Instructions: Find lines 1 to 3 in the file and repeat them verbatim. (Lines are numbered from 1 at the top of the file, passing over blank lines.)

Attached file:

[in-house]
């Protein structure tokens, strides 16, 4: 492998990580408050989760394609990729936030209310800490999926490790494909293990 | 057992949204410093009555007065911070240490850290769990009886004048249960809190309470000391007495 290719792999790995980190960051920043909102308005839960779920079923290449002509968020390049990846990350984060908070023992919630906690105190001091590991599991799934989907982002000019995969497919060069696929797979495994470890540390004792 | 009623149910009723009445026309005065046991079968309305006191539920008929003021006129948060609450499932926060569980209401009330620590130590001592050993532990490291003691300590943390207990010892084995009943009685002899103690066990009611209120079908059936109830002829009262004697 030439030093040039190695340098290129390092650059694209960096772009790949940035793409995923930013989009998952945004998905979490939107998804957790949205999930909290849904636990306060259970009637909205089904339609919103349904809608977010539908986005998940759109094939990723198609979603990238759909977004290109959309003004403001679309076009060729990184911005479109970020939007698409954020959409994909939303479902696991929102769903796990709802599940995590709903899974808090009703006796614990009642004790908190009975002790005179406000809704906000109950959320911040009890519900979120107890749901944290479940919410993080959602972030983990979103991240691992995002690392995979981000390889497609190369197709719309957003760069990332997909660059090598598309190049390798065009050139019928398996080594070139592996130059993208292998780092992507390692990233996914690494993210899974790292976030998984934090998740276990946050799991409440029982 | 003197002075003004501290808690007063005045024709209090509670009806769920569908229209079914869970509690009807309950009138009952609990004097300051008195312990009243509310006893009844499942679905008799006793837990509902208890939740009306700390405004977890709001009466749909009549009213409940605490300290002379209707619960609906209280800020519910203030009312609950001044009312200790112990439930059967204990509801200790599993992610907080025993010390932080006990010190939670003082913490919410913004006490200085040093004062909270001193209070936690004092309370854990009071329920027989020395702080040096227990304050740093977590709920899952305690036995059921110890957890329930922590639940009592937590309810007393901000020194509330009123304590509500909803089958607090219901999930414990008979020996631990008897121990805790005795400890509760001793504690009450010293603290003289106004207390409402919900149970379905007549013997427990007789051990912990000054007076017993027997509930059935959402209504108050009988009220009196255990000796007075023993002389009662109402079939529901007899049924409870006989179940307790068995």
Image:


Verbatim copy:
[in-house]
């Protein structure tokens, strides 16, 4: 492998990580408050989760394609990729936030209310800490999926490790494909293990 | 057992949204410093009555007065911070240490850290769990009886004048249960809190309470000391007495 290719792999790995980190960051920043909102308005839960779920079923290449002509968020390049990846990350984060908070023992919630906690105190001091590991599991799934989907982002000019995969497919060069696929797979495994470890540390004792 | 009623149910009723009445026309005065046991079968309305006191539920008929003021006129948060609450499932926060569980209401009330620590130590001592050993532990490291003691300590943390207990010892084995009943009685002899103690066990009611209120079908059936109830002829009262004697 030439030093040039190695340098290129390092650059694209960096772009790949940035793409995923930013989009998952945004998905979490939107998804957790949205999930909290849904636990306060259970009637909205089904339609919103349904809608977010539908986005998940759109094939990723198609979603990238759909977004290109959309003004403001679309076009060729990184911005479109970020939007698409954020959409994909939303479902696991929102769903796990709802599940995590709903899974808090009703006796614990009642004790908190009975002790005179406000809704906000109950959320911040009890519900979120107890749901944290479940919410993080959602972030983990979103991240691992995002690392995979981000390889497609190369197709719309957003760069990332997909660059090598598309190049390798065009050139019928398996080594070139592996130059993208292998780092992507390692990233996914690494993210899974790292976030998984934090998740276990946050799991409440029982 | 003197002075003004501290808690007063005045024709209090509670009806769920569908229209079914869970509690009807309950009138009952609990004097300051008195312990009243509310006893009844499942679905008799006793837990509902208890939740009306700390405004977890709001009466749909009549009213409940605490300290002379209707619960609906209280800020519910203030009312609950001044009312200790112990439930059967204990509801200790599993992610907080025993010390932080006990010190939670003082913490919410913004006490200085040093004062909270001193209070936690004092309370854990009071329920027989020395702080040096227990304050740093977590709920899952305690036995059921110890957890329930922590639940009592937590309810007393901000020194509330009123304590509500909803089958607090219901999930414990008979020996631990008897121990805790005795400890509760001793504690009450010293603290003289106004207390409402919900149970379905007549013997427990007789051990912990000054007076017993027997509930059935959402209504108050009988009220009196255990000796007075023993002389009662109402079939529901007899049924409870006989179940307790068995």
Image: